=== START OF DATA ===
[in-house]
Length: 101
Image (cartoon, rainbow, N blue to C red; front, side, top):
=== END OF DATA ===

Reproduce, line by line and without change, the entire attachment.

[in-house]
Length: 101
Image (cartoon, rainbow, N blue to C red; front, side, top):